The extent of tumor resection is considered one of the strongest prognostic factors in the survival of younger patients with GBM.12 Although the value of cytoreductive surgery in elderly patients is a controversial topic, new studies have illustrated its feasibility and survival benefit.10,13-17 These studies are mostly retrospective. There was only 1 small, prospective, randomized clinical trial, in which 30 patients older than 65 years who had radiologic evidence of malignant glioma were randomized into 2 treatment groups: stereotactic biopsy or open craniotomy with tumor resection.18 Craniotomy and debulking of the tumor resulted in a significantly longer survival (171 days vs 85 days, respectively).18 A larger, retrospective review from the Memorial Sloan-Kettering Cancer Center studied 394 patients aged 65 years or older. Extent of resection had a significant impact on OS, with an adjusted hazard ratio (HR) of 0.5 for gross total resection versus 0.7 and 1.0 for partial resection and biopsy, respectively.16 Similar results were also reported in a retrospective review from The Johns Hopkins Hospital.17 In another single-center study, 361 patients with newly diagnosed GBM were evaluated; 146 patients (40.4%) were aged 65 years or older. The patients were categorized into 4 subgroups according to the extent of resection: biopsy, partial, subtotal, and complete. Extent of surgery in the elderly patients was significantly associated with survival. Partial resection was associated with substantially shorter survival when compared to subtotal and complete resection (11.4 months vs 16.1 and 17.7 months, respectively). Interestingly, there was no significant difference in PFS or OS between elderly versus younger patients undergoing tumor resection. In contrast, age conferred poor OS in the biopsy group.13

These data suggest that cytoreductive surgery in elderly patients with good clinical status may yield clinical benefit. They also underline the importance of identifying the preoperative factors that can predict the benefit of surgery. In one study, KPS of less than 80, chronic obstructive pulmonary disease, motor deficit, language deficit, cognitive deficit, and tumor size greater than 4 cm were independently associated with decreased survival after cytoreductive surgery. Patients with 0–1 factors had significantly better OS than patients with 2–3 or 4–6 factors (9.2 months vs 5.5 and 4.4 months, respectively).19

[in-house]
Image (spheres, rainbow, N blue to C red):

The value of RT in elderly patients has been confirmed by a randomized trial comparing RT (focal radiation in daily fractions of 1.8 Gy given 5 days per week, for a total dose of 50 Gy) plus supportive care versus supportive care alone.20 RT resulted in modest but significant improvement in survival of newly diagnosed patients with anaplastic astrocytoma or GBM. Patients were at least 70 years of age and had a KPS of 70 or higher.20 RT conferred a significant median survival benefit of 12.2 weeks (median OS, 29.1 weeks for the RT arm vs 16.9 weeks for the supportive care arm) and did not cause severe adverse events or further deterioration in the KPS, health-related quality of life (HRQoL), or cognitive functions.20 A recent review of the SEER registry was consistent with previously reported benefits of this treatment modality. RT significantly improved cancer-specific survival in patients aged 70 years or older (HR, 0.43; 95% CI, 0.38–0.49) after adjusting for surgery, tumor size, sex, ethnicity, and age at diagnosis.21